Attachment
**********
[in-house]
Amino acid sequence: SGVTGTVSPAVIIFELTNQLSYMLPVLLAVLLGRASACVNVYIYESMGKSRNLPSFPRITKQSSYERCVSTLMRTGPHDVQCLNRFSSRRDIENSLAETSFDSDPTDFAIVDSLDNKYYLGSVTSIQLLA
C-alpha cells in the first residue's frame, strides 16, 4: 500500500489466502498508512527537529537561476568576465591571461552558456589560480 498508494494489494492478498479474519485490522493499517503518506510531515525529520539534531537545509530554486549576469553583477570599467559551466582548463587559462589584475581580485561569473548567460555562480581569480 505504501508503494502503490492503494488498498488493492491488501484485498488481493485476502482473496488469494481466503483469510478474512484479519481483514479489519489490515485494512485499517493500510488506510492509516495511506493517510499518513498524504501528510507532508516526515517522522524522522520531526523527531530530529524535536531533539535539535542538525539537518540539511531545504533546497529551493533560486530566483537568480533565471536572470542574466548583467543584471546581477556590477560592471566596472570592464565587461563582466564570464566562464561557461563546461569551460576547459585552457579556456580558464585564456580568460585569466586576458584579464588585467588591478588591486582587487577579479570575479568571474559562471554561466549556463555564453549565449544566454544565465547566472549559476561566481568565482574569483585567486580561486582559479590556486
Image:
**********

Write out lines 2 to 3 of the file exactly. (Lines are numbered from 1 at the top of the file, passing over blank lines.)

Amino acid sequence: SGVTGTVSPAVIIFELTNQLSYMLPVLLAVLLGRASACVNVYIYESMGKSRNLPSFPRITKQSSYERCVSTLMRTGPHDVQCLNRFSSRRDIENSLAETSFDSDPTDFAIVDSLDNKYYLGSVTSIQLLA
C-alpha cells in the first residue's frame, strides 16, 4: 500500500489466502498508512527537529537561476568576465591571461552558456589560480 498508494494489494492478498479474519485490522493499517503518506510531515525529520539534531537545509530554486549576469553583477570599467559551466582548463587559462589584475581580485561569473548567460555562480581569480 505504501508503494502503490492503494488498498488493492491488501484485498488481493485476502482473496488469494481466503483469510478474512484479519481483514479489519489490515485494512485499517493500510488506510492509516495511506493517510499518513498524504501528510507532508516526515517522522524522522520531526523527531530530529524535536531533539535539535542538525539537518540539511531545504533546497529551493533560486530566483537568480533565471536572470542574466548583467543584471546581477556590477560592471566596472570592464565587461563582466564570464566562464561557461563546461569551460576547459585552457579556456580558464585564456580568460585569466586576458584579464588585467588591478588591486582587487577579479570575479568571474559562471554561466549556463555564453549565449544566454544565465547566472549559476561566481568565482574569483585567486580561486582559479590556486